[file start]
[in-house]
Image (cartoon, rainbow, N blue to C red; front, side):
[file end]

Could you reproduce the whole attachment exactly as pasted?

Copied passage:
[in-house]
Image (cartoon, rainbow, N blue to C red; front, side):